What about controls?

You don’t really need to worry about controls, WhitestormJS has first-person controls and orbit controls built-in and it will take you just one line to set them (well probably two).

Extending WhitestormJS for 3D apps

If you find that you need something from WhitestormJS that is not built-in,WhitestormJS has a plugin system, which is easy and fast.

The idea is simple, you have 2 basic super classes called WHS.Shape andWHS.Light. Both of them have similar methods and attributes. All components in WhitestormJS are built with help of these two classes. If you want to use them — you should write your own class extended by one of them. You will automatically achieve all their functions for building and working with WHS object from inputed parameters.

Later you can change it’s location attributes with setPosition() andsetRotation() methods.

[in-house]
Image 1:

Going behind the storm

WhitestormJS is built with the fantastic ECMAScript6 and the github organization provides their own custom versions of ammo.js and PhysiJS

WhitestormJS just released its r8 version, and it’s now available as an npm package. And there are big plans for further development.

From the idea to the code

Everything in WhitestormJS is just a bridge for Three.js, simplified for crafting, but all functionality is retained.

How?

After you call WHS.Shape, it returns a WHS object that contains a meshobject, that is analog to your object in Three.js and you can choose what to work with.

Setting up workspace

WHS.World creates a Three.js scene wrapped by our custom Physi.js. The analog in Three.js is THREE.Scene.


It will set up a new  with normal gravity and start animating it.

WHS.Box == ( WHS.Shape )

The first basic WHS object that we will add to our world will be Box. As you see in WhitestormJS a shape is made from the configuration object we pass.

var world = new WHS.World({
    stats: "fps", // fps, ms, mb or false if not need.

    gravity: { // Physic gravity.
        x: 0,
        y: -100,
        z: 0
    },

    path_worker: 'physijs_worker.js', // Path to Physijs worker here.